Because of the longer hair, fluffy corgis can have issues with holding dirt, grime and water. They can similarly have issues with clumping, knotting and matting in their fur.

Are fluffy corgis hypoallergenic?

No. Fluffy corgis, like all corgi breeds, are not hypoallergenic.

Both short-haired and long-haired (fluffy) corgis contain the same follicles and excretion proteins that cause human’s to be allergic. These can be minimised (but not absolved) with good grooming habits.

Read more about corgis and allergies.

​How to groom a fluffy corgi

Grooming is very important for fluffy corgis due to the length of hair. Regular grooming helps keep your fluffy corgi healthy, especially in hot weather.

You may have noticed the trend so far that fluffy corgis can be treated the same as regular corgis. Grooming is where that changes!

The fluffy has a different coat to the standard short-hair, and requires different grooming habits and techniques.

Every week during shedding months, and monthly during non-shedding months, you should brush their coat using a heavy-duty dog brush. You should also be looking at a weekly grooming using a fine-tooth comb to catch loose hairs.

Fluffy corgis need to be washed once every 1–2 months. In between washes, you can wipe them down with a damp cloth. This prevents excess washing which can remove the natural chemicals and oils in your corgi’s fur.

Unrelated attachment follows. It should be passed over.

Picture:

As a bonus tip, keep plenty of treats around for grooming. Corgis don’t always love getting groomed, and a few treats will help them stay calm and enjoy the process more.

Can I shave my fluffy corgi?

No. Do not try to shave your fluffy corgi as it is not good for their health.

This is true for fluffy corgi adults and fluffy corgi puppies. It’s not good for their coat or their health – as their fur helps regulate their temperature.

If long fur isn’t your things (which is fine!), you should opt for a short-haired corgi instead. That way not only do you get a corgi, but you save on grooming costs as well.

​Do fluffy corgis stay soft?

Yes. The long hair of a fluffy corgi does not bristle over time.

As long as you take good care of your corgi’s coat, it will continue to stay soft and fluffy as they age.

How do I buy a fluffy corgi? ​

While short-haired corgis are by far the more common, there are many breeders who will still happily sell their fluffy corgis when they are available.

​You can find fluffy corgis from reputable corgi breeders. ​You may need to visit a number of them, or at least have a few phone conversations, to find out if they are able to get you a fluffy corgi, or if they know a breeder who can.

We have a guide that has specific advice on how to buy a fluffy corgi that is useful to help find a breeder.

We also have a HUGE guide on how to buy a corgi, that has a lot of advice that is useful no matter whether your corgi has short or long hair.

​How much does a fluffy corgi cost?

A fluffy corgi should cost approximately the same as a regular short-hair corgi.

A good breeder will not attempt to market them as a rarity or a specialty, despite being less common.

You should expect to pay anywhere from USD$500 to USD$2500 for a healthy fluffy corgi puppy.

Final thoughts on fluffy corgis

Fluffy corgis are beautiful creatures. The fluffiness factor may be caused by recessive traits passed down from the parents, but our love for the long haired corgi will never diminish.

But no matter your corgi preference – short or long – fluffy corgis are certainly a great pet for the whole family.